Try and sit still to Elvis’ electifying “Jailhouse Rock” from September of 1957. Impossible. It was the first of The King’s many No. 1 songs.
No other songbird of the oldies era personifies the trials and tribulations of a young heart than does Connie Francis. Like her country cousin Patsy Cline, Connie could cry out of both sides of the microphone. Plus she put a major Florida city on the map, Fort Lauderdale. Yes, college spring breaks simply did not exist until Connie pointed to “Where the Boys Are” in 1961.
Bobby Vinton was what we used to call a “floor filler.” Easy, breezy and with a restrained demeanor, Bobby Vinton was the most important support any of us young guys had as we slowly padded across the gym floor to ask that little blonde with the ponytail, braces and saddle shoes for a first slow dance. Thanks, Bobby!
When you lived in a small rural community like I did, the gritty and out-of-the-box sound of early Motown was positively infectious. I play a lot of Supremes, Temptations, Mary Wells, Smokey Robinson, Jackie Wilson, Four Tops, Aretha Franklin and Little Stevie Wonder on Thursday nights. And the infection still comes creeping out of the headphones whenever I hear the soulful struts of “Please Mr. Postman,” “My Girl,” “Baby Love” or anything by “Mr. Excitement,” Jackie Wilson.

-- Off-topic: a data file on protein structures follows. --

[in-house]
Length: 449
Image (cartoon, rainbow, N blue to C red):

I have sung with my two younger brothers on street corners, in back rooms, at parties and in the car for a half century. So perhaps the most resonant genre of Thursday night music for me is doo-wop. The tight harmonies, the cheesy tuxedos, the big Italian hair and the finger-snapping histrionics all take me back the days of singing with my brothers Bob and Jim when I was a kid. The Cascades, The Brooklyn Bridge, The Orioles, Little Anthony and the Imperials, The Platters, The Moonglows and The Impalas were all great names. And don’t even get me started on the Mills Brothers, the godfathers to all doo-woppers. As you can imagine, my playlist on Thursday is “doo-wop heavy.”